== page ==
BSP Sets Rules for the Recognition of Microfinance Institution Rating Agencies

The Monetary Board has approved the rules and regulations for the recognition and de-recognition of Microfinance Institution Rating Agencies (MIRAs), particularly for those that provide ratings for banks with microfinance operations.  This measure aims to create the enabling environment for the appropriate use of objective, credible and competent third-party ratings of microfinance institutions.  These MIRAs provide an institutional rating rather than just a rating related to a safety grade of a specific instrument or a rating on an institution’s ability to service an existing or proposed debt.  Instead, this institutional assessment looks holistically at the governance, human resources as well as the strategic, management and financial performance of the microfinance institution.
As there is an increased commercialization and growth of the microfinance industry, the demand for such ratings is increasing. Ratings are seen as an effective tool to raise the quality and efficiency of microfinance institutions, increase the transparency in the industry as well as provide confidence for social and commercial investors.  For banks with microfinance operations, ratings may provide valuable assessments that can materially improve access to financing and capital by qualified banks and generate a useful benchmark vis-à-vis other microfinance institutions both locally and internationally.

The Monetary Board has approved the rules and regulations for the recognition and de-recognition of Microfinance Institution Rating Agencies (MIRAs), particularly for those that provide ratings for banks with microfinance operations.  This measure aims to create the enabling environment for the appropriate use of objective, credible and competent third-party ratings of microfinance institutions.  These MIRAs provide an institutional rating rather than just a rating related to a safety grade of a specific instrument or a rating on an institution’s ability to service an existing or proposed debt.  Instead, this institutional assessment looks holistically at the governance, human resources as well as the strategic, management and financial performance of the microfinance institution.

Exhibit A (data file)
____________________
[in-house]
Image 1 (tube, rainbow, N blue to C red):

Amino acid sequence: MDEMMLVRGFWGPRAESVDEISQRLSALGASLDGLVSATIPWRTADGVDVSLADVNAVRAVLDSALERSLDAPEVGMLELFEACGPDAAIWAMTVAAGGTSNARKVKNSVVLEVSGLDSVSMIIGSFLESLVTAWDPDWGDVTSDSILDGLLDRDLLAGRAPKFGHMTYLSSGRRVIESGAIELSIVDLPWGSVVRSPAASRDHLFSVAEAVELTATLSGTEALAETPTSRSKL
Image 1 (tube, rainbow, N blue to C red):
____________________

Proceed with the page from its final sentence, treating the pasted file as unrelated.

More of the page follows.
As there is an increased commercialization and growth of the microfinance industry, the demand for such ratings is increasing. Ratings are seen as an effective tool to raise the quality and efficiency of microfinance institutions, increase the transparency in the industry as well as provide confidence for social and commercial investors.  For banks with microfinance operations, ratings may provide valuable assessments that can materially improve access to financing and capital by qualified banks and generate a useful benchmark vis-à-vis other microfinance institutions both locally and internationally.

Read the rest of the article on the BSP website.

See BSP Circular 685: “Rules and Regulations for the Recognition and De-recognition of Microfinance Institution Rating Agencies”